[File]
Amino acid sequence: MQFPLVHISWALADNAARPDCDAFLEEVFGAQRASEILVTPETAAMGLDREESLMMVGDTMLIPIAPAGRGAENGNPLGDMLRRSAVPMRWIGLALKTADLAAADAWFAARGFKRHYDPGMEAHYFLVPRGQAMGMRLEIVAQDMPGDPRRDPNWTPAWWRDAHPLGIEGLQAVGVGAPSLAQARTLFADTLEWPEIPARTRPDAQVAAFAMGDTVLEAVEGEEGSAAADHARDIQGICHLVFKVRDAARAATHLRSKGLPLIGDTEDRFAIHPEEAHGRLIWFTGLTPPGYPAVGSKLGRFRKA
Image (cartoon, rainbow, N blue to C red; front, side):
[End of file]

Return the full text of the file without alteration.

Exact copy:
Amino acid sequence: MQFPLVHISWALADNAARPDCDAFLEEVFGAQRASEILVTPETAAMGLDREESLMMVGDTMLIPIAPAGRGAENGNPLGDMLRRSAVPMRWIGLALKTADLAAADAWFAARGFKRHYDPGMEAHYFLVPRGQAMGMRLEIVAQDMPGDPRRDPNWTPAWWRDAHPLGIEGLQAVGVGAPSLAQARTLFADTLEWPEIPARTRPDAQVAAFAMGDTVLEAVEGEEGSAAADHARDIQGICHLVFKVRDAARAATHLRSKGLPLIGDTEDRFAIHPEEAHGRLIWFTGLTPPGYPAVGSKLGRFRKA
Image (cartoon, rainbow, N blue to C red; front, side):